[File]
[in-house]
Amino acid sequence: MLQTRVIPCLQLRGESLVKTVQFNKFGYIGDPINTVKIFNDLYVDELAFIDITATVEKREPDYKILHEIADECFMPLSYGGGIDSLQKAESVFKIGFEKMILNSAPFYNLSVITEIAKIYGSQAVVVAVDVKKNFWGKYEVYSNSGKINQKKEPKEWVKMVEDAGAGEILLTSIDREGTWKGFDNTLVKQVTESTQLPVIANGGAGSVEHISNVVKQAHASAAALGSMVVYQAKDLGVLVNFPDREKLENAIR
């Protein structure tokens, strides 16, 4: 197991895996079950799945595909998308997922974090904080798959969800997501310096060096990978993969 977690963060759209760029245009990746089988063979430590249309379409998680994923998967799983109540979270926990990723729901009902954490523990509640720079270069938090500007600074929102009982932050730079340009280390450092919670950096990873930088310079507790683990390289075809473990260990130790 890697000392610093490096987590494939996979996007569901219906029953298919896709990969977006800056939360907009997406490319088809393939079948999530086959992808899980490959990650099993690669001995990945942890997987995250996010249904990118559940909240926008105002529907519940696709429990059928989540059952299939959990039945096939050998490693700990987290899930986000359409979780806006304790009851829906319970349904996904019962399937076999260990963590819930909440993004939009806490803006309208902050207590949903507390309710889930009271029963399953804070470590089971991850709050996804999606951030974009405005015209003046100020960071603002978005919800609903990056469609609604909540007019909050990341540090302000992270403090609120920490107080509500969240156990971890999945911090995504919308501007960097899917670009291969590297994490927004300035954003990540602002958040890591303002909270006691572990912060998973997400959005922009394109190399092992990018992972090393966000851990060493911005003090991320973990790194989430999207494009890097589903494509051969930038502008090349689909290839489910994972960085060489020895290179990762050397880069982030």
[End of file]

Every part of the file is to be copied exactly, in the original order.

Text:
[in-house]
Amino acid sequence: MLQTRVIPCLQLRGESLVKTVQFNKFGYIGDPINTVKIFNDLYVDELAFIDITATVEKREPDYKILHEIADECFMPLSYGGGIDSLQKAESVFKIGFEKMILNSAPFYNLSVITEIAKIYGSQAVVVAVDVKKNFWGKYEVYSNSGKINQKKEPKEWVKMVEDAGAGEILLTSIDREGTWKGFDNTLVKQVTESTQLPVIANGGAGSVEHISNVVKQAHASAAALGSMVVYQAKDLGVLVNFPDREKLENAIR
């Protein structure tokens, strides 16, 4: 197991895996079950799945595909998308997922974090904080798959969800997501310096060096990978993969 977690963060759209760029245009990746089988063979430590249309379409998680994923998967799983109540979270926990990723729901009902954490523990509640720079270069938090500007600074929102009982932050730079340009280390450092919670950096990873930088310079507790683990390289075809473990260990130790 890697000392610093490096987590494939996979996007569901219906029953298919896709990969977006800056939360907009997406490319088809393939079948999530086959992808899980490959990650099993690669001995990945942890997987995250996010249904990118559940909240926008105002529907519940696709429990059928989540059952299939959990039945096939050998490693700990987290899930986000359409979780806006304790009851829906319970349904996904019962399937076999260990963590819930909440993004939009806490803006309208902050207590949903507390309710889930009271029963399953804070470590089971991850709050996804999606951030974009405005015209003046100020960071603002978005919800609903990056469609609604909540007019909050990341540090302000992270403090609120920490107080509500969240156990971890999945911090995504919308501007960097899917670009291969590297994490927004300035954003990540602002958040890591303002909270006691572990912060998973997400959005922009394109190399092992990018992972090393966000851990060493911005003090991320973990790194989430999207494009890097589903494509051969930038502008090349689909290839489910994972960085060489020895290179990762050397880069982030």